The Mereology of Potentiality (Friday - Week 8, HT19)
The Stoics maintain that the cosmos as a whole is animated and, in consequence, that it displays all the powers or ‘capacities’ (δυνάμεις) associated with the possession of a soul. One interesting topic of research, which I shall not discuss, is that of how these different psychic powers are manifested at the cosmic level: the Stoic cosmos must have all of them if it is to have a soul, but in what form? What I plan to do here is to focus on the one power that the Stoics usually have in mind when they assert that the cosmos is animated: the power of intelligence (νοῦς): according to the Stoics, the cosmos is, like us, the agent of thoughts, something that thinks. The proofs that they give to support this claim may be divided into two different families. According to F1: (a1) the intelligent is better than the unintelligent, but (b1) the cosmos is better than everything else; therefore, the cosmos is intelligent. In contrast, according to F2: (a2) humankind develops from a seed; (b2) humankind is intelligent, and if so its seed too must be intelligent; (c2) the seed of humankind is a part of the cosmos; therefore, the cosmos is intelligent. Each family is related to a different part of Stoic philosophy. The key idea in F1 is teleological (the cosmos is that for the sake of which all other natural beings exist), whereas the key idea F2 is causal (the cosmos is the ultimate cause of the powers of its parts, and it must have the powers that it causes its parts to have). But how are the two families connected? They are, of course, fully consistent with each other. But neither of them implies the other; in fact, teleology and causation are two relatively independent areas in Stoicism: all causes are active but teleological explanations do not necessarily require that the explanans acts on the explanandum. Thus, one of the many advantages of studying F1 and F2 together is that they illustrate how two relatively independent areas of Stoic philosophy collaborate with one another to establish a specific thesis, in the case, the intelligence of the cosmos.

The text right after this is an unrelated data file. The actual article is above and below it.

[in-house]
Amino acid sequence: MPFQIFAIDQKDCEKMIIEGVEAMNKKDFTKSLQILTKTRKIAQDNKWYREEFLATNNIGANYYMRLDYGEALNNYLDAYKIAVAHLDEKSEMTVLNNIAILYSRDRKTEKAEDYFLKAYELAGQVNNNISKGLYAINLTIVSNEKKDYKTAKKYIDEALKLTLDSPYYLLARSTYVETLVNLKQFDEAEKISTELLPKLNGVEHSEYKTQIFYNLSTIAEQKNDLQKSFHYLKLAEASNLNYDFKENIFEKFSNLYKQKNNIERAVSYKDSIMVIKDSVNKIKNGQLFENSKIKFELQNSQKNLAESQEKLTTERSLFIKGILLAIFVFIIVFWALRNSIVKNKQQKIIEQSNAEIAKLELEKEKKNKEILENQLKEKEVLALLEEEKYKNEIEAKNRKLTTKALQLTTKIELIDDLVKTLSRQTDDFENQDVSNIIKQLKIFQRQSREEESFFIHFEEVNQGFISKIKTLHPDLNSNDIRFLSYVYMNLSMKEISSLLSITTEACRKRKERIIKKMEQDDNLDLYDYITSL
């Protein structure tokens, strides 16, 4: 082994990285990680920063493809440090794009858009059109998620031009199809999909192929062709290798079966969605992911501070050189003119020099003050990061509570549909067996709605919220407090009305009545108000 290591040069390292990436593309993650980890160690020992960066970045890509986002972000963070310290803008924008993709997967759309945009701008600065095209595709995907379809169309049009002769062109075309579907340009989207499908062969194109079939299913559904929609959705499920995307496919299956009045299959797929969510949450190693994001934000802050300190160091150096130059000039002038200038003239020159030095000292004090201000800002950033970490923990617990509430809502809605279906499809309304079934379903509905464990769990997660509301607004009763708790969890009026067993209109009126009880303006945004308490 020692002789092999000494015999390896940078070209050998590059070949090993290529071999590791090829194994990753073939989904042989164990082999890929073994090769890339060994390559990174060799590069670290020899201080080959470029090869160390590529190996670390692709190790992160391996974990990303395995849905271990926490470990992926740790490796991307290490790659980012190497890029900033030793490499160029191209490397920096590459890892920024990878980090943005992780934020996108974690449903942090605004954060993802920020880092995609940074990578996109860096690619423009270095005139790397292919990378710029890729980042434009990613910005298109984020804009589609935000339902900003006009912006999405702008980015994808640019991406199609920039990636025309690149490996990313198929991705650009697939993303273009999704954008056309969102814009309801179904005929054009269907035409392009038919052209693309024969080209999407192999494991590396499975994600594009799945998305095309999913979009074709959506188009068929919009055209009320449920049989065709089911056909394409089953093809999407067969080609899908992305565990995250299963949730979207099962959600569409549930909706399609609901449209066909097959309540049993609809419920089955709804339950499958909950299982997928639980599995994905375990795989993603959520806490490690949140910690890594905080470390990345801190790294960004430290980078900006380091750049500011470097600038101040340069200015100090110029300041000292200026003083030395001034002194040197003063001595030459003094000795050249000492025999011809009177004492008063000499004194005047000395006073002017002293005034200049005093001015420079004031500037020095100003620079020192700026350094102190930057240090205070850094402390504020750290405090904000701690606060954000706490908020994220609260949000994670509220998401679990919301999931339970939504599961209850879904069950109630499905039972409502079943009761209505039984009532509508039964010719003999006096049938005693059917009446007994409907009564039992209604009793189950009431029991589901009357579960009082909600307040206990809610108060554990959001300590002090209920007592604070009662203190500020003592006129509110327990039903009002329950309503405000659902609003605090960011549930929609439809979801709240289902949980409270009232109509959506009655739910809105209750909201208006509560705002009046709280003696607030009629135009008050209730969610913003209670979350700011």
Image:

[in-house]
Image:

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Seminar coveners: Anna Marmodoro and Andrea Roselli